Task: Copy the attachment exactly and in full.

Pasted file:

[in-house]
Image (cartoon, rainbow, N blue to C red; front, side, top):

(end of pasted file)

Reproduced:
[in-house]
Image (cartoon, rainbow, N blue to C red; front, side, top):